I write like…

(Shamelessly nicked from Shea Meiers, who writes lovely stuff.)

I write like
Stephen King

I Write Like by Mémoires, Mac journal software. Analyze your writing!

Which is just strange. I fed it Nick and Brick, and this is what it comes up with? I’d absolutely love to see the comparison text, just to see how it is that my weird little faerys-and-technology story is at all like King. Other than a few mentions of blood (in a non-horror/injury context) and a couple of mentions of people being executed (in passing, you’ve read the entirety of the gory details), there’s nothing horrible or horrific in it. Granted, it needs to be polished up, but as far as I know it doesn’t have any sentence fragments masquerading as actual sentences…

So then I gave it my hockey players, which got me this:

I write like
Raymond Chandler

I Write Like by Mémoires, Mac journal software. Analyze your writing!

Which is even more Whaaaaaaa?-inducing than Stephen King. I’ve read more Chandler than I have King, but… *Blink* Huh. In the course of looking up Phillip Marlowe‘s name, I discovered this: Underneath the wisecracking, hard drinking, tough private eye, Marlowe is quietly contemplative and philosophical and enjoys chess and poetry. While he is not afraid to risk physical harm, he does not dish out violence merely to settle scores. Which makes the comparison make a LOT more sense, to me.

So after that, I had to know what IWL would make of Benny and Phil. This is what it had to say:

I write like
Mark Twain

I Write Like by Mémoires, Mac journal software. Analyze your writing!

Which makes perfect sense to me — I used the 1st-person POV of someone for whom grammar is one of those things they only deal with when they have to, as Twain did in Tom Sawyer. I don’t remember if Tom ever kissed Becky, but there was definitely some awkward moments of ‘um i think you’re cute’, which fits, too.

And then, just to see what would happen, I gave it Max and Trev to chew on.

I write like
Dan Brown

I Write Like by Mémoires, Mac journal software. Analyze your writing!

Dan Brown. Dan Brown? How on God’s green-and-oily Earth do they get DAN BROWN out of 126 pages of angsty wittering, a boy in knickers and eyeliner, agrammatical Welsh, and BDSM? Unless it’s not the Dan Brown of the DaVinci Code (or he’s written some stories I’ve missed out on), which is I suppose entirely possible… Hm. Oh well; on the bright side of this result is the fact that someone somewhere said yes to Brown’s work, so there’s that.

I’m not being “difficult”, I truly want to know.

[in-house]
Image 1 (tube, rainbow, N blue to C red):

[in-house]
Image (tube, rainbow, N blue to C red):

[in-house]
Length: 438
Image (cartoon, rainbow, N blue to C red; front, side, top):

Why is it that all of my stories, whether they contain explicit sex or not, automatically receive the highest (or second-highest) ‘heat’ ratings from certain publishers? How is GLBTAQ? content automatically on equal footing with BDSM/three-/more-some stories?

For example, my bizarre little thing that’s been eating my brain, lately, has a total of four described kisses, all of which are basically pecks on the mouth. That’s it. There’s some passing mention of other kisses, but you’ve essentially read how they’re described, in all of their glorious lack of detail.

Yet, because the kisser and the kissee are both male, according to at least TWO publishers’ guidelines, that story? Has to be rated at least the same as Awydd — which is chock-full of D/s, bondage, spanking, graphic language, and anal sex.

Nick and Brick (who are not twins) haven’t even had more than their pecks; the only “bad” word that’s been used in the story is ‘whore’ (and ‘strumpet’, now that I think of it), but they’re the same as Max and Trev’s Fantasy-Fulfillment Story.

I’m sorry, I really, really don’t fucking get it. I mean, maybe I’m stupid or something — that’s always a possibility — but I can’t see it. I just can’t figure out why I’m supposed to essentially put an R rating on something that’s PG at best, at the moment, just because it’s got a couple of guys kissing in. They claim it applies unilaterally to lesbian, bi, and trans content, too; wonder if that’s really true — after all, everyone knows two girls kissing is hawt, not nasty. [/sarcasm]

My brain hurts.

From a publishers Do Not Want! list: Sexual abuse of minors, including exposure to sexual acts. This includes consensual acts by anyone under 18.

I’m sorry, how is it that “consensual” and “abuse” end up being synonyms? Could someone PLEASE explain that to me, in words of one syllable or less? Because I’m pretty sure that that’s the only way I’ll EVER understand it.

Two seventeen-years-and-three-hundred-sixty-four-days-old people getting it on, because they’re horny and in love = abuse. Yeah, no, still not working for me.

An adult and a 12-year-old? That’s wrong. An 18-year-old and a 17-year-old? Depends on the circumstances. I don’t think it automatically constitutes abuse; and if they’re both saying YES then I’m even more lost as to how it can be abuse. (Especially if it’s all the 17-year-old’s idea.)

This sort of thing is exactly why I’d make a horrible juror — I wouldn’t be able to stop myself from asking questions of/arguing with the lawyers.